A living 3D model of a brain tumour has been created by scientists, which is being used to look at the effectiveness of therapeutics on this form of cancer.
Experts from Brown University managed to create a glioma with a network of blood vessels surrounding it.
The tumour model was then used in a number of experiments, which included showing how iron-oxide nanoparticles carrying tumstatin were able to break into the vessels which keep the tumour going with oxygen and other nutrients.
The research paper was published in the journal Theranostics, with Don Ho, lead author of the study, stating that the model "offers a facile process to test diffusion and penetration into a glioma that is covered by a blood vessel-like coating of endothelial cells".
"This assay would save time and money, while reducing tests in living organisms, to examine an agent's 3D characteristics such as the ability for targeting and diffusion," he added.
Mr Ho, a graduate student in the lab of chemistry professor Shouheng Sun, went on to say that the benefit of a 3D model over 2D is that it is possible to see nanoparticles diffusing through the endothelial cells.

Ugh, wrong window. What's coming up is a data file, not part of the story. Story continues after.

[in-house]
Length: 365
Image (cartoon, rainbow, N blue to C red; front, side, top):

The new model is also preferred to previous 3D tissue models as it allows the glioma and endothelial cells to assemble just as they would in real life.
The researchers hope that in the future the model will have "significant potential" to help test and optimise the design of therapeutic and diagnostic nanocarriers and then determine their capabilities.
In the UK, around 4,500 new cases of primary brain tumours are discovered every year, according to the NHS, with the exact cause being unknown.
The organisation advises that treatment should be sought as soon as possible as this could prevent it from spreading to other parts of the brain and into the spinal cord.